Hikikomori: Reviewed In Hungarian

So, I was trying out Google Blog Search, and I came across, of all things, a review of my 24 Hour RPG, Hikikomori, in Hungarian (here). I was very curious, but I couldn’t find an online translator thingy that would actually work, but as it turns out I have an acquaintance who’s Hungarian, and he was kind enough to translate. The review is surprisingly thorough, and probably more generous than I would’ve been.


Things Long Dead

I present another new 24 hour roleplaying (game) in its place. (Must refer to another article/subject or game)

It is no problem if you don’t know the game, as I at first thought that it was some kind of link to Japanese porn (for example Bukake); but from the game’s intro, I became enlightened.

(the link) http://www.1km1kt.net/rpg/hikikomori.php)

Hikikomori is a entirely Japanese phenomenon; but according to the author, Hikikomori has already apparead in most Western societies. What should I call it? A lifestyle? A illness? A phenomenon?

The word itself covers the stigma where a youth, mostly male, but there are female Hikikomori, shuts himself out of society; breaks all contact with people; and for the most part vegetates in his room.

Here’s a link on this phenomenon: http://en.wikipedia.org/wiki/Hikikomori. These aren’t even the most interesting aspects about it, although I admit that these are bizarre; instead Hikikomori is a roleplaying game for one person only.

No really, it appears to go against the norm, but based on playing the game, it can seem to work out well.

In total, there are two characteristics of a startup Hikiomori: Hope, which starts from 3d10 and after a while changes so that you’ll sink even deeper (into Hikikomori); or go outwards from the Hikikomori state.

The second characteristic: This one is a cute characteristic; you have to chose one from the following and you’ll get two on a random basis:

The possibilities: 1-2, A Possessing Hobby 3, Savior 4, Imaginary Friend 5, Perversion 6, Suicidal Thoughts 7, Sin 8, Delusion 9, Heath Problem 10.

It is true, friend, that from these (characteristics) you build your character.

In whole it isn’t too heart moving this way, but later it won’t get better either.

Every single day you can perform three different things; of which you’ll have little choice.

After each and every decision, you’ll finalize the outcome with a roll of the dice.

If the roll succeeds, your Hope characteristic will rise by 10d10; you’ll even get fully healed (from Hikikomori).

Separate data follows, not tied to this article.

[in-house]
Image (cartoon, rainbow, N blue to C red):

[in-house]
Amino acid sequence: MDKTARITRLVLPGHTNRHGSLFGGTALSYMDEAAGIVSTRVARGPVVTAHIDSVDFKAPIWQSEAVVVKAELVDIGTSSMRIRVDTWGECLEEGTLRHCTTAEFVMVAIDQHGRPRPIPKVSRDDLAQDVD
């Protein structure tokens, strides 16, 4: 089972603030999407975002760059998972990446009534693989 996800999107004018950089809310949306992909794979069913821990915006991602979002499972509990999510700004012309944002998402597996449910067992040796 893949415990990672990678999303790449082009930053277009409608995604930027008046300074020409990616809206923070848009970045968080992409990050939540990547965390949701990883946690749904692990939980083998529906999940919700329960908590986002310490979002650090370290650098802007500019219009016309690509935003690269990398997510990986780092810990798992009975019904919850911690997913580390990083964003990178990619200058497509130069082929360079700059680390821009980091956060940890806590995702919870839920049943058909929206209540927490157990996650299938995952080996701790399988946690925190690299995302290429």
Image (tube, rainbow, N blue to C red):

If you don’t succeed, you remain as you were.

In other words, the possible daily activities are – You don’t accomplish anything; you’ll emerge into the outer world; You commit suicide; Or you kill time.

It doesn’t change too much, I believe, but unfortunately, in this game you can’t really do anything else.

Afterall, the life of a Hikikomori isn’t adventurous.

It goes without saying, that most (Hikikomori) are pretty sick (maybe that’s too harsh, try ill); but according to the game, the life of a Hikikomiri doesn’t get any different.

The other parts of the game are described in a pair of tables.

They are rather boring in practice, as every single characteristic, or in other words, to every single action, is a related opposing chart; which pretty much are prepared last. Whatever you do, from going out to the city; from trying to break your habit of watching Hentai porn; you’ll roll an appropriate number of d10 dice for that particular characteristic against a roll for your character’s Hope characteristic. Whichever roll wins, that characteristic wins, and the difference between the rolls affects the severity of the consequences as well.

A short demonstration: You want to butter up your imaginary friend by offering toast. You will roll for toasted bread being especially delicious today. You roll 1d10:

Result 1: Not very convincing
Result 2-5: You were ignored.
Result 6-9: Roll a d10 for Hope against a roll for your Imaginary Friend. If Hope wins the roll, your imaginary friend will behave better by 1; if not, he’ll get worse by 1.
Result 10: Your imaginary friend listens fascinatedly. His behavior improves either by 2 or jumps to 7, which ever is larger.

In a similar fashion, every event has a similar chart (table).

The only sources of help you have during the 7 day game duration are: Your friends and your Savior. For every situation where they can intervene, you can count on their aid.

He (Ewen) managed to sneak in a couple of gems into this game: If you have a Possessing Hobby (poor translation – Try Hobby that Preoccupies Most of Your Time) you can try to involve your Savior in it.

If it is successful, he’ll turn into a true friend; from here onwards, he’ll believe in your mutual Hobbies and will keep you together.

If you have a friend, or Savior, you can attempt to distance yourself from him.

If it succeeds, he’ll step aside, if not, your friendship will grow more close.

When you have completed playing the game’s 7 days worth of events (the game doesn’t necessarily involve 7 consequitive days, you can insert custom time intervals between them) you’ll write your events into your journal, and the game ends.

If you character survived, it’s good. In the event that one of your friends remained besides you, its even better.

At the end, how you will start your (new) life is all determined by 1 roll of the die.

You can even escape from your state of Hikikomori.

This is all there is to the game. The SZVSZ (no idea) is unique, and elaborate, but it can become a bit boring from all those charts/tables. In other words, the game could have endured a random table of events, as the seven game days pass unfortunately rather predictably.

Evaluation: Idea: 6/10, Implementation: 3/5, Mood: 7/10, Elaboration: (complexity of rules perhaps) 8/10, Overall: 24/35 Posted by Merengorpgs

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